push / pull objects (3) – junelee

For these three objects, I aimed to create large scale versions of everyday objects such as an egg, peas in a pod, and a button. My focus in making these objects were to try out various techniques and to improve my hand sewing skills. 


I started the egg by drawing and cutting the white and yolk of the egg separately. I stacked two layers of white acrylic fabric on top of each other and drew a fried egg shape and pinned them together. I sewed the two white fabrics shut with a five inch opening for the last step of filling the egg. 

yolk flat
yolk cylinder
egg white + hole

Next, I cut a circle on the top layer for the yolk to go on top. I drew two concentric circles on the yellow yolk fabric: the outer as the sew line onto the top white layer and the inner circle as the circumference of the protruding yolk. To make the protrusion of the yolk, I folded the fabric and sewed on the inside 12 times to create a cylinder-like shape. To attach the yolk to the white, I flipped the white fabric inside out and attached the bottom of the yolk to the circle hole on the top white fabric. 

yolk pre-cap
yolk cap

After flipping the egg inside out and imagining the next steps of filling, I realized that I did not want to fill the egg white portion as much as the yolk. To achieve a more filled yolk, I cut another circle from an orange fabric that would separate the yolk filling from the white filling. I sewed on the circle and filled the yolk very tightly. Then, I turned the egg inside out and filled the white until it was enough cushioning, but still quite loose and hand sewed the egg white shut.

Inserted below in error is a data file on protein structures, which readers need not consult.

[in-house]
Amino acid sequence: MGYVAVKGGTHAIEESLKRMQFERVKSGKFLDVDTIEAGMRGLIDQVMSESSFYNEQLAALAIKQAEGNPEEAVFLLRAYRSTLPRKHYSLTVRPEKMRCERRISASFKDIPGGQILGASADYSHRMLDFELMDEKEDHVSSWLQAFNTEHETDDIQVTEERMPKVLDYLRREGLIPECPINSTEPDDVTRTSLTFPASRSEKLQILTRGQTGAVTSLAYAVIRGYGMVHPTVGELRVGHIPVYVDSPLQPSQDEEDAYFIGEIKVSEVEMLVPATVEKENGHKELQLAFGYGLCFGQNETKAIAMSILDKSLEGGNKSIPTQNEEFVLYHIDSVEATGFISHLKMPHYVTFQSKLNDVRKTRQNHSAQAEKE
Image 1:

egg side profile

peas in a pod

For my peas, I first started with two colors of green fabric. The lighter green, I cut into the tennis ball stencils. In our first sewing samples, we had to make two balls with different methods. From this, I learned that I could force the sewn shape to be not a circle, but an oval through different tension and speed on the sewing machine. I sewed all three peas and used polyfill to make them 3D peas. 

peas on top of pod

The next step was making the pod for the peas to lay in. I planned this step of the pods by drawing out a 2D shape on the darker green fabric, and estimated where the pockets for the peas to lie in would be by drawing three circles on the pod as well as a zipper for the pod to close and open to reveal the peas. After sewing one long edge of the two pod fabrics together, I flipped it inside out so the seams would be on the inside. Then I lined up each side of the zipper on the markings on the inside edge and sewed it on. 

peas on pod
peas in pod

The challenge in this process was estimating how much fabric I would need to sew a pod that would fit the peas comfortably. After fitting the three peas into the pod and zippering it close, I found that the pod did not lay flat in areas I would have wanted it to. If I were to make another iteration of the pod for the peas, I would try to account for the bulge of the peas onto the pod and reinforce the edges of the pod to make the shape hold. 

peas in open pod